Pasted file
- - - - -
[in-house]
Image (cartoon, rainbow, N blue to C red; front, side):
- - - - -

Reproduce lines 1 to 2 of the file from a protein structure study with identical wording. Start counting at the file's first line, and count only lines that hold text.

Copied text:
[in-house]
Image (cartoon, rainbow, N blue to C red; front, side):